The Engineering Science program will give you broad-based fundamental engineering preparation through exploration and application of engineering principles to a range of problems encountered in a variety of engineering and basic science fields.
The interdisciplinary nature of the Engineering Science degree at Emory & Henry College brings together faculty from multiple departments that engage students in active exploration of engineering principles from a variety of perspectives.
The Engineering Science program at Emory & Henry prepares our majors to be diverse and flexible thinkers. Students will apply skills learned in multiple disciplines to solve interdisciplinary problems and make connections between different fields.
Whether you choose to enter the workforce after graduation or continue your education at the graduate level, the one-on-one training and instruction you receive at Emory & Henry will provide you with the necessary background and skills to help you tackle the most important engineering problems of tomorrow.
Prepares students for exciting and rewarding careers in various fields of engineering or further training in graduate school.
- <h4 class="lw_blurbs_title">Photo-Therapy Robot Project</h4><div class="lw_blurbs_body"><p><picture class="lw_image lw_image2110 lw_align_left lw_block"> <source type="image/png" srcset="/live/image/gid/32/width/600/height/338/2110_pastedImage.rev.1515864265.png 1x"/> <img width="600" height="338" alt="Photo-therapy for plants" src="/live/image/gid/32/width/600/height/338/2110_pastedImage.rev.1515864265.png" data-max-w="600" data-max-h="338" loading="lazy"/> </picture> </p><p> Physics and engineering students are currently involved in a project to design, build, and field-test an automated supplemental-light delivery system that could enable local farmers to productively grow crops not well adapted to the area. This project is being done in cooperation with Kelly Ridge Farms, in Meadowview, Virginia.</p></div>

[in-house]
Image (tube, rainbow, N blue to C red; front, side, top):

- <h4 class="lw_blurbs_title">Microfluidic Flow Reactor for Chemical Detection</h4><div class="lw_blurbs_body"><p><picture class="lw_image lw_image6319 lw_align_left"> <source type="image/webp" srcset="/live/image/gid/11/width/400/height/626/6319_IMG_0964.rev.1556157415.webp 1x"/> <source type="image/jpeg" srcset="/live/image/gid/11/width/400/height/626/6319_IMG_0964.rev.1556157415.jpg 1x"/> <img width="400" height="626" alt="Rebekah Watters" src="/live/image/gid/11/width/400/height/626/6319_IMG_0964.rev.1556157415.jpg" data-max-w="537" data-max-h="840" loading="lazy"/> </picture> Senior chemistry, math, and physics triple major Rebekah Watters (E&H ’19) is designing, fabricating, and testing a system to detect triclosan, a common antibacterial added to consumer products. Rebekah’s project combines chemistry and engineering by taking a process that normally requires multiple steps and large volumes (think about baking a cake with the volumes and number of steps) and reduces it to a system that fits in the palm of your hand and can be run in a single step.</p></div>